For all these reasons - not to mention the astronomical cost of every computer project undertaken by this Government and the near-certainty that somebody will leave the entire database on a train - I rejoice at yesterday's ECHR ruling.

Mind you, I don't suppose much will come of it. Home Secretary Jacqui Smith has already announced that she's 'disappointed' with the ruling, adding: 'The existing law will remain in place while we carefully consider the judgment.' Leave aside that the job of sifting through 4.5million profiles to weed out and erase those of the innocent will almost certainly be beyond the ability of police or Whitehall

If I know the ways of this Government, Miss Smith will seize upon the judges' 'particular concern' that the innocent on the database may be 'stigmatised' by being treated in the same way as convicted offenders. Then she will tell us that the way to avoid stigmatising anyone is to put the whole lot of us on the police database and treat us all like convicts. After all, that is almost exactly what the Government did after the judges' ruling that it was wrong for Britain to have a law allowing us to keep foreign citizens under house arrest. Very well, replied the Government, we'll introduce a law allowing Britons to be kept under house arrest, too. So much for human rights.

Ah, well, the great thing about British democracy is that once every four or five years, we have the chance to get rid of the likes of Miss Smith and Mr Brown. It may seem churlish to say this, on the day after they struck their blow for liberty, but I only wish we could say the same about the judges of the ECHR.


New target for Britain's anti-terror spies: Village paperboys - for not having the correct paperwork

They creep around in the dark spreading misery, rumour and secrets from inside Westminster. Even so, paperboys and girls are hardly likely to pose a threat to national security. One local council, however, thought it necessary to use swingeing anti-terror laws against them.

Cambridgeshire County Council used the controversial Regulation of Investigatory Powers Act (RIPA) to spy on eight paperboys thought to be working without permits. It sent undercover council officers to lurk outside a Spar in the village of Melbourn and take notes on the movements of the boys. The evidence was used in a criminal prosecution of the shop's owners for employing five of the boys without the correct documentation.

Cambridgeshire's approach is just the latest example of local authorities using the RIPA for minor misdemeanours. Such activities have been likened to those of the Stasi, the East German secret police. A Cambridgeshire bylaw states that all paperboys must have a work permit issued by the council and signed by the child's employer, headteacher and parents. Working children must also be over 13 and cannot start work until after 7am.

This week Cambridge Magistrates' Court was told that Dips Solanki, 42, and his wife Rashmi, 38, had failed to get the correct work permits for five paperboys. Prosecutor Simon Reeve told the court that the couple ignored letters and visits from a child employment officer. He said that although eight applications for work permits had been sent to the children's school, only three were signed. He produced the surveillance to prove the boys had been working. The Solankis were found guilty of failing to comply with the bylaw and now have a criminal record. They were given a six-month conditional discharge.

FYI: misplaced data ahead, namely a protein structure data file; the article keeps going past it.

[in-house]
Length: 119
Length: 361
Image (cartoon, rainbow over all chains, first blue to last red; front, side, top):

All the boys concerned were between 13 and 16. Other than not having the correct paperwork, they were working legally. Yesterday, the couple insisted that there had simply been a paperwork mix-up. They denied that they had been warned by council officials - and said the authority was using a 'hammer to crack a nut'. Mrs Solanki said: 'They should only do such things for a serious crime. We're innocent people trying to make an honest living. It's ridiculous and was a complete waste of everyone's time.'

Andrew Lansley, Tory MP for South Cambridgeshire, agreed, saying: 'These powers should only be used for the scope they were intended, which is to tackle serious crime and terrorism.' But a Cambridgeshire Council spokesman said: 'Delivering heavy bags early in the morning is potentially very hazardous. 'We do not want to wait until someone has an accident before we start to uphold the law properly.'

The Act was introduced in 2000. As well as allowing spying in the interests of national security, it also allows state agencies such as councils, NHS trusts and the fire service to act secretly in the interests of 'protecting public health'. The Regulation of Investigatory Powers Act was supposed to grant only the police and security services the power to spy on emails and phone calls. But it was extended to town halls, which have been taking advantage on a daily basis. In the last financial year, 154 local authorities made 1,707 requests for communications data under RIPA. They include Poole Council in Dorset, which spied on a family because it wrongly suspected the parents of abusing rules on school catchment areas. Councils in Derby, Bolton, Gateshead and Hartlepool used covert techniques to deal with dog fouling, while Bolton spied on suspected litter louts.